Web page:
Mauro Lollo remembers his Cisco lab exams like they were strange trips to an ethereal other-world. Ten years on, the chief technology officer is helping his company’s candidates to keep the daunting eight-hour test real.
Lollo had been working in the networking industry for almost a decade before he tried the Cisco Certified Internetwork Expert (CCIE) exam.
His dreamscape casts a lone figure inside an intensely white room, who must unravel a series of riddles against a humming undertow.
Lollo vividly recalls the incessant drone that permeated the lab room in Halifax. It’s just you and the racks, he says, and the humming.
“You walk into this room and it looks like a very sterile place. These racks form the subject of your focus for the next eight hours. And all you hear is the humming of equipment.”
Lollo says he’d had a couple of acquaintances who had gone and didn’t make it through. “And they went a few more times and didn’t make it through. They had mentioned to me it was just out of this world.” It’s the aura around it, the environment and just months’ worth of pressure all focused at that point in time, he says.
Candidates who had taken the test would return the next day to hear whether they’d passed or failed.
“People sit there on a couch, lined up like birds on a wire, and they’re all basically staring at their feet,” says Lollo. “I called it the Couch of Sorrows.”
“That, in addition to the Quietest Lunch Room in the World, just made for a little bit of a surreal experience. You’re sitting there and you’re all staring at each other fairly blank. You’ve got to find humour in all this or the stress will just tear you apart.”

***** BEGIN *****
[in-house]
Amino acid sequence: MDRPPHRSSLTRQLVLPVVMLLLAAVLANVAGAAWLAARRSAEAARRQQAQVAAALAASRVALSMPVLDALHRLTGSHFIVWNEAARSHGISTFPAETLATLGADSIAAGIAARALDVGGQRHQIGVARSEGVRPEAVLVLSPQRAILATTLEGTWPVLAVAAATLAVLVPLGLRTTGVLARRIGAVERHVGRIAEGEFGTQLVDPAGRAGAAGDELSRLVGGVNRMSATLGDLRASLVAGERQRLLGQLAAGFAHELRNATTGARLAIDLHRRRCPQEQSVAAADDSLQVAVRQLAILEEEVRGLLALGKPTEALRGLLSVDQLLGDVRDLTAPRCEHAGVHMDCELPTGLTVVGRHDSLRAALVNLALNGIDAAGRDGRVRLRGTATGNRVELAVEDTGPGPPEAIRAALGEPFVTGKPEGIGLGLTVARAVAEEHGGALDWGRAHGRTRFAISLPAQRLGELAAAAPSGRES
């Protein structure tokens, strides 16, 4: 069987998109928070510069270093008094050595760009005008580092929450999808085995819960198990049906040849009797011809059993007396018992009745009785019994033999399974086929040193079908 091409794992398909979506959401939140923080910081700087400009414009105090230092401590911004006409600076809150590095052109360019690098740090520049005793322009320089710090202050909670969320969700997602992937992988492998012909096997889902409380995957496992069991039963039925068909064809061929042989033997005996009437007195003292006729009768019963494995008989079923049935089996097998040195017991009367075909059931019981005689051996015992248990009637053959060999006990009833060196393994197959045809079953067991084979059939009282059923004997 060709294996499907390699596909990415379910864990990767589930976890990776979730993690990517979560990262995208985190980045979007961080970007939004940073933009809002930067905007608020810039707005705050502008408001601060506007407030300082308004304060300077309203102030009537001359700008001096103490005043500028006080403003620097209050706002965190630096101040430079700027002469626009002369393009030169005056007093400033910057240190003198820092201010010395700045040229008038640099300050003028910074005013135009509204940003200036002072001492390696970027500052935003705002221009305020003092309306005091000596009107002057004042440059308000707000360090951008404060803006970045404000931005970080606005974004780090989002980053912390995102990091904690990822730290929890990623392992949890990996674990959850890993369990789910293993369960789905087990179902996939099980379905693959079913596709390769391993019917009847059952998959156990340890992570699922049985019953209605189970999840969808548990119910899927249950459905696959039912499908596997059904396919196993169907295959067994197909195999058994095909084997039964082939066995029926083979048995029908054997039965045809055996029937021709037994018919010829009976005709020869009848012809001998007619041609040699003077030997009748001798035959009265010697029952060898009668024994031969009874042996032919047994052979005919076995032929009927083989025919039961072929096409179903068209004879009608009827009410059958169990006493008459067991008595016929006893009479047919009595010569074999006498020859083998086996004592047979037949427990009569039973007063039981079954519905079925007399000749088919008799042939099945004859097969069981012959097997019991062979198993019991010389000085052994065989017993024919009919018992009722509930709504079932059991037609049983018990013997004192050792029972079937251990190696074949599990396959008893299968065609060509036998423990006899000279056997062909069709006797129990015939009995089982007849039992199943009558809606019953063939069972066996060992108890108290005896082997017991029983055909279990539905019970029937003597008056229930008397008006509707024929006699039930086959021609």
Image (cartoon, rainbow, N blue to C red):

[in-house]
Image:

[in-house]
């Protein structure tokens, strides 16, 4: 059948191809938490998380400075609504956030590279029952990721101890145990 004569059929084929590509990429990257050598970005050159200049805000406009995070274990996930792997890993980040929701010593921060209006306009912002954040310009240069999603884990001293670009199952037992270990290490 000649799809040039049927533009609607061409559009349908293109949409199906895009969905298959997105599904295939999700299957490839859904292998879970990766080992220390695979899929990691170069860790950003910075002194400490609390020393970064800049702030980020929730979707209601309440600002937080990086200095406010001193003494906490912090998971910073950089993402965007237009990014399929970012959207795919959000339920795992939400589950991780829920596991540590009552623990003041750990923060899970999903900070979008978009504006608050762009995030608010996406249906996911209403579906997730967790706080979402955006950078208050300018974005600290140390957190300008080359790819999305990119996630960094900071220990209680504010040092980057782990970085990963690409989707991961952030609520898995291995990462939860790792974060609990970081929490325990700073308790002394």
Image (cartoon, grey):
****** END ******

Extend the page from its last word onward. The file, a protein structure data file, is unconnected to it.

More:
Lollo didn’t make it on his first attempt, but he went back to study more and after a second sitting now holds CCIE No. 3557. He’s also vice-president and CTO for Unis Lumin Inc., a systems integrator based in Oakville, Ont.
Since 1987, Lollo has picked up a number of certifications from other manufacturers like Digital Equipment Corp. (DEC) and 3Com.
He thought his 10 years’ experience in the field, working with Cisco technology, would be enough to see him through the CCIE exam.
“The challenge for me was that I wasn’t exposed to all the technologies they’d throw into the exam,” says Lollo.
“We had really grown up with the local area networking space, things like TCP-IP, AppleTalk and DECnet, but I’d had little exposure to IBM.”
When he didn’t make it, Lollo suddenly realized his shortcomings. “I felt a little dejected because here I am practising in the industry and I was caught short. I actually studied the second time.”
In the end, Lollo is convinced the CCIE is worth every ounce of sacrifice. The CCIE is one of the standards Unis Lumin asks its technical staff to meet and Lollo ensures candidates have all the support they need.
Unis Lumin has a complete lab that the company uses to mock up customer configurations for testing and troubleshooting, and CCIE candidates have full access to the lab.
They can configure a range of equipment and do their lab studying either onsite or remotely from home, says Lollo.
“Because that lab has a wide range of technology, everything from routing and switching to IP telephony, we have a perfect environment to prepare for the CCIE lab test.”
Lollo also grants the company’s candidates a certain amount of time, during regular business hours, for them to study. “We have to have some leeway with that because we understand how difficult it can be.”
Candidates need support from their companies, or they need a pocketful of cash, he says, adding that hard and soft costs can easily add up to $100,000.
“We have six CCIEs at the company, and I’m proud to say most of them have passed the lab test first time around. That’s the degree of the preparation they go through here.”
It’s Lollo’s way of changing the exam from an ordeal into something that’s more achievable. He’s helping to turn the dream into reality.